Aswat Asharq Al-Awsat :
Hazem Saghieh

Aswat Asharq Al-Awsat : Refugees and Migrants After the EU Elections

The results of the European elections are yet another indication of the difficulties of tying the global solidarity movement with Gaza to mainstream European societies. If Donald Trump becomes president in a few months, his victory would only reinforce those difficulties. Even the term “youths,” which has often been to indicate a new, promising stance on Israel recently, is now associated with another phenomenon: this same category’s growing support for the hard right in the polls.

The fact is that those who have likened what happened in US universities, and to some extent in Europe, to the American and European student movements of the 1960s, failed to recognize key differences that several observers had pointed out. The sixties movement in the US was linked to opposition to the Vietnam War, which cost American lives and saw many young men drafted into the army.

On top of that, however, the student movement quickly developed positions on culture, morality, education, sex, the environment, music, and fashion..., creating the conception of the term “the sixties” that prevails today and granting its connotations that go beyond the temporal.

As for Europe, its student movement targeted flaccid structures that included political parties, trade unions, the bureaucracy, and the entire political process. It also targeted a system of ideas and beliefs, from Gaullist nationalism to communist notions of economics, that the youths believed had become obsolete.

In other words, the American and European movements of the sixties were very much internal, which is not true at all for the student movement in solidarity with Gaza. Thus, we have recently begun to see a growing number of prominent Western intellectuals, most recently perhaps the French researcher Olivier Roy, who are not satisfied with merely denying that the contemporary movement is political, going further and labeling it an example of a moral stance replacing politics.

Moreover, while the hyperbolic pro-Israeli link between solidarity movement to religion and antisemitism have rightly been repudiated, the movement’s externality is nonetheless notable given the prominent position of immigrant communities, whose religious and ethnic identity differs from that of most Westerners, with it.

As for the illusion that its ties to far-left groups internalize it, this will only add to, if not multiply, its externality. In addition to helping strengthen the far right, relying on the far left implies turning to a “third worldist” bent that the intellectual and political mainstream in Western countries can no longer accommodate.

As for the racists and right-wing extremists relentlessly fear-mongering about the “siege” Europe is under and the “replacement” of its population, they will find in this reliance another weapon they can accuse their opponents of using in this so-called siege.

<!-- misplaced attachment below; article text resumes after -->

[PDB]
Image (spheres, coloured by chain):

When some enthusiastically argue that the solidarity movements with Gaza are a prelude to a global transformation and change, they seem to be attesting to this externality that is watching Europe and the US from outside their walls. What are we to say, then, when the ally is marginal and the cause that forms the basis of all political action is foreign to the actual concerns of societies and their groups?

There is no doubt that neoliberal economic policies have played a role in making things as bad as they currently are, by undermining the role of the state and destroying the intermediaries for social integration like parties and unions. However, we must also contend with other factors that have been equally impacted and consequential.

Indeed, Western countries are currently undergoing an experiment to build culturally and religiously pluralistic societies, as well as facing the repercussions and failures of this project. Here, we must look for matters around which the parties concerned can build common ground. A society in which religious and nationalist ideas have declined will find it increasingly difficult to accommodate arrivals with extreme religious and nationalist views. Thus, meeting halfway would create an opportunity to correct the course of pluralism and boost its chances of success, as well as facilitate integration by ensuring that it is not perceived as a challenge to others and their ways of life.

Universalism is not yet a given; rather, it is a task to be undertaken for the future. It could succeed or it could fail, which demands that we avoid acting on the grounds that only Westerners must prove their universality.

This, with regard to elites, emphasizes the need to invest in the consciousness of the immigrant and refugee communities, starting with an effort to push for stronger participation in electoral processes, and encouraging them to adopt enlightened and modern ideas and practices. This effort must be accompanied by an end to the inflation of the colonial past and “decolonization,” as well as greater concern for the interests of refugees and immigrants and their integration. Currently, many of the “strategies” that have been developed do not take these interests into account, as though the plan is to “take the world by storm” from within Western societies.

True, the fact that the center, both the center-right and center left, managed to maintain the first and second largest blocs in the continent’s parliament is reassuring, as is the far-right parties’ commitment, if only rhetorical, to the democratic process and the principle of the peaceful transfer of power. However, an overview of the broader trajectory, especially if economic and non-economic conditions continue to deteriorate, calls for concern, vigilance, and doing everything possible to stop this dangerous trajectory.